This is it. There are only five days remaining to apply to become a 2014 Knight-Mozilla Fellow. If you love to code, want to make a difference in journalism, and want to see the world while you do it, you only have until August 17 to apply.
All this week our six amazing news partners who host our fellows in their newsrooms for the 10 months the fellowships run have been writing about why they’re involved in the program and what fellows can expect in working with them.
transform the news
Aron Pilhofer at the New York Times wants their fellow to spend time at the Times “building an easy-to-use, easy-to-deploy suite of tools to help journalists work with original source documents.” This toolkit will be informed by a deep-dive in newsroom collaboration, Pilhofer explains:
The Fellow will be attached jointly to the two teams at The Times most involved in solving the documents-to-data dilemma: Interactive News and the computer-assisted reporting team. He or she will spend 10 months working on real stories with real reporters and editors, the end goal of which will be to develop and, ultimately, release the document toolkit that real people can understand and use.
In Nairobi, Kenya we’re offering a unique joint fellowship, where one of our Knight-Mozilla Fellows will spend time at both Ushahidi and Internews Kenya going deep on data.
Eva Constantaras at Internews Kenya explains the opportunity for a Knight-Mozilla Fellow in Kenya:
Open data has a whole different definition in Kenya, and developers have a chance to change the way the Kenyan media reports the news by encouraging data- driven instead of politically driven journalism. Access is a huge issue: from gathering data held by traditional tribal leaders, to reluctant county administrations to NGOs that have been waiting for someone to come along and make use of the years of data they have collected on everything from female genital mutilation to the impact of progressive farming techniques on food security.
Heather Leason at Ushahidi explains the opportunity for a fellow similarly, though Ushahidi’s focus remains global:
One of our core goals is to connect citizen voices to action. Sometimes this makes us professional tinkers, but it also means that you can dive into data and maps from around the world on various topics from crisis response, election monitoring or civil society communities like anti-corruption or anti-harassment or environmental action.
Back in New York City, at the non-profit investigative news outlet ProPublica, news app developer Al Shaw explains “why you should be our 2014 OpenNews Fellow (and join the epic team of awesomeness)”:
The ProPublica news apps desk isn’t a service desk. As a colleague of ours put it, we’re not the deli counter slicing meats to order for the rest of the newsroom. We work side by side with traditional reporters, and often write stories as well as code. We use our telephones as much as we do the command line. We answer to editors, and all our software needs to tell a story. We develop on deadline, meaning no long development cycles or Gantt charts.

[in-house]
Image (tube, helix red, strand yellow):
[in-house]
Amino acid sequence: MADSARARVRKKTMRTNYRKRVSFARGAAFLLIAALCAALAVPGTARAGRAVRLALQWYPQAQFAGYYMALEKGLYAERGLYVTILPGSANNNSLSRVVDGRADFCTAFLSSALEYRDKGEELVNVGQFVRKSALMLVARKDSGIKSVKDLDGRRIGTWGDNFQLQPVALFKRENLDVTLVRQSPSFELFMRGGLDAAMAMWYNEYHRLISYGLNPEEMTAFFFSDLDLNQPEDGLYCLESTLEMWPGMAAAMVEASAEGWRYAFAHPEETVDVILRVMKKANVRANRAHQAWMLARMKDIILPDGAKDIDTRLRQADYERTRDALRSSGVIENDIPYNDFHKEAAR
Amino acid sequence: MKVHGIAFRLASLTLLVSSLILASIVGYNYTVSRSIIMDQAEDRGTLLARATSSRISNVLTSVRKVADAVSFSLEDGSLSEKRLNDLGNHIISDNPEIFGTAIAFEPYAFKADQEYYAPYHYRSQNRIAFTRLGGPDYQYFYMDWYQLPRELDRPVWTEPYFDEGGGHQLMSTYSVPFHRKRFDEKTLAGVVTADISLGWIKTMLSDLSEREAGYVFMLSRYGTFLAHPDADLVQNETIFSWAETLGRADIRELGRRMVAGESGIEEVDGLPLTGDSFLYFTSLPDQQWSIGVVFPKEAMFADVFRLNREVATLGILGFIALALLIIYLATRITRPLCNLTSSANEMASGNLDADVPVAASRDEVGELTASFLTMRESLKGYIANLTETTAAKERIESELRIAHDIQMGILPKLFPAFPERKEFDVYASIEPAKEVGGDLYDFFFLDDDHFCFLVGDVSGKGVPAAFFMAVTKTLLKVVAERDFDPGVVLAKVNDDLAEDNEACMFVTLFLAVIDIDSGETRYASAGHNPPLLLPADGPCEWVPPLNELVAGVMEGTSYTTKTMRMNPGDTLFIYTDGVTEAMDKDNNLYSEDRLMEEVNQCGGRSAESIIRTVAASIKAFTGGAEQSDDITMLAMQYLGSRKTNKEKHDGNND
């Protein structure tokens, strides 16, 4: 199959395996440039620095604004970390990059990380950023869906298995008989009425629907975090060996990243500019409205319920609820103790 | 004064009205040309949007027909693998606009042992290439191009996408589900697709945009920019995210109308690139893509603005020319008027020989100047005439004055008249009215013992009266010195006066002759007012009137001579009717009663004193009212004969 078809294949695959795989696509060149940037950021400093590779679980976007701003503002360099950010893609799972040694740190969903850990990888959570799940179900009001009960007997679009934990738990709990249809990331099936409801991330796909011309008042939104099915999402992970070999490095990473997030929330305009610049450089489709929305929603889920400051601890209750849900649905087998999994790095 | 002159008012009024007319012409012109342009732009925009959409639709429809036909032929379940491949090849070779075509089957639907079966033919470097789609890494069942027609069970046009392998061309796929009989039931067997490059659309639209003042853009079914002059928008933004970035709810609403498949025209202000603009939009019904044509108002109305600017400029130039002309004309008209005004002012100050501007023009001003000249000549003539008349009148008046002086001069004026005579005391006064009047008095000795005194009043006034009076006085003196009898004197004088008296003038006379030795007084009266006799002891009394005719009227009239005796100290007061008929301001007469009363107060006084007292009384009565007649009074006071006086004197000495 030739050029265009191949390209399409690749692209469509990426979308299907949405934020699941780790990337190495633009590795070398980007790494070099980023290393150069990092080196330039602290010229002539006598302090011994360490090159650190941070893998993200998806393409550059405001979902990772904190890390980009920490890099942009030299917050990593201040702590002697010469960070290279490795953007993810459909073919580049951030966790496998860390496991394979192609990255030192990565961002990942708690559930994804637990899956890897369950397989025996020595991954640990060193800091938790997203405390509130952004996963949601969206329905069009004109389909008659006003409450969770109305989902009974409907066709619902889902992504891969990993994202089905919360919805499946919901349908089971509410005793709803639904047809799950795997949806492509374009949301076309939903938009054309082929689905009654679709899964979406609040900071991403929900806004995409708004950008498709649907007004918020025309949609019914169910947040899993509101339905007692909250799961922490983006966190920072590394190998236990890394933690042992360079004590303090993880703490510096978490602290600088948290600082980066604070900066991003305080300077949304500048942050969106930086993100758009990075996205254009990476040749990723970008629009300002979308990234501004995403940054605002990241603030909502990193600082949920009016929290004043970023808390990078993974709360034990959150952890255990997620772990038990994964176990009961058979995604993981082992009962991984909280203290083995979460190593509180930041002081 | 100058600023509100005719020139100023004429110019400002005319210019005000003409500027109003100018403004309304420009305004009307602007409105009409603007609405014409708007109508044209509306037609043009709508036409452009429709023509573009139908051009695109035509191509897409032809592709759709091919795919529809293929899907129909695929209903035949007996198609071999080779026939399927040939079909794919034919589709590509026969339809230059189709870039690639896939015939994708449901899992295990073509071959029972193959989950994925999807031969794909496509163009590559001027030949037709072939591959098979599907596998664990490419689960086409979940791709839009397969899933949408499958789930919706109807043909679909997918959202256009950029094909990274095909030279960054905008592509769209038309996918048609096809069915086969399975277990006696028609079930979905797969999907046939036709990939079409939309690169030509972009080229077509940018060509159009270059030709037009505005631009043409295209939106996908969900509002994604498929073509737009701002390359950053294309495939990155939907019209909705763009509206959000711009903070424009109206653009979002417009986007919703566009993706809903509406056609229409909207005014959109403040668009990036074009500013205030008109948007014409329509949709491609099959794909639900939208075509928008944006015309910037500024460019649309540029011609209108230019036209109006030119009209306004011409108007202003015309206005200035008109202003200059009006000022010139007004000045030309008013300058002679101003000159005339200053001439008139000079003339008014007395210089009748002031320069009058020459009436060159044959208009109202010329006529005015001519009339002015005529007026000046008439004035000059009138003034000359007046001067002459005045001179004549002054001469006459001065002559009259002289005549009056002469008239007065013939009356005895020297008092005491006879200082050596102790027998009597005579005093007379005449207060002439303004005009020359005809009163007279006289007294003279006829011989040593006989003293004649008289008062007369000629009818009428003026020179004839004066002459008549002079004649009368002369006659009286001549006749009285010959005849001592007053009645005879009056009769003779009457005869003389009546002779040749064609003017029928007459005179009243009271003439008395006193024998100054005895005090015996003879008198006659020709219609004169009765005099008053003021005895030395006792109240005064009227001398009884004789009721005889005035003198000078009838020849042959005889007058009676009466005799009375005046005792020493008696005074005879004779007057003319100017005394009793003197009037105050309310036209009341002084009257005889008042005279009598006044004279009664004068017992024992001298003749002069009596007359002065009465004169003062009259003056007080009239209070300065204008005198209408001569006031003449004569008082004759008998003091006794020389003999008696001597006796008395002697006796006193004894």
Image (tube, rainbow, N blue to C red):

At the Texas Tribune, a local reporting powerhouse, Director of Technology Travis Swicegood makes his pitch for a fellow by focusing on the local opportunities in Austin, Texas:
Our News Apps team — and our Fellow — will be in the middle of the biggest Texas story of the year, making election results available throughout the state via our interactive election coverage. Think brackets, scoreboards, campaign finance, and whatever else we can come up with.
Data has been in the Trib’s DNA since day one — and we’ll be reinforcing that in 2014. Apply today to join us for one hell of a ride.
Did I mention we have the world’s best brisket?
Finally, we jump down to Buenos Aires Argentina for our fellowship at La Nacion. In their Spanish-language appeal for developers to join them, the La Nacion Data team emphasizes the importance of open-source development in the fellow’s work. The team put together a video with their fellow, Manuel Aristaran to discuss his work and the opportunity at La Nacion:
As Al Shaw at ProPublica puts it: “If what you’re interested in is changing the world and making useful software that tells a story and kicks some ass, please join us.”
The time is now. Less than a week remains — if you love to code and want to change the world apply now to become a 2014 Knight-Mozilla Fellow. If you have last-minute questions about the fellowship, we have updated our FAQ, we’ll be hosting another live Q&A on our OpenNews Community Call on Wednesday August 14, and you can always drop us a line or ping us on Twitter. Don’t hesitate to be in touch.
But more than anything: Apply now.
Dan Sinker heads up the Knight-Mozilla News Technology Partnership for Mozilla. From 2008 to 2011 he taught in the journalism department at Columbia College Chicago where he focused on entrepreneurial journalism and the mobile web. He is the author of the popular @MayorEmanuel twitter account and is the creator of the election tracker the Chicago Mayoral Scorecard, the mobile storytelling project CellStories, and was the founding editor of the influential underground culture magazine Punk Planet until its closure in 2007. He is the editor of We Owe You Nothing: Punk Planet, the collected interviews and was a 2007-08 Knight Fellow at Stanford University.
This post originally appeared on Dan Sinker’s Tumblr.